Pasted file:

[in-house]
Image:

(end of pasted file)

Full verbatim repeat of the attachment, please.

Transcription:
[in-house]
Image: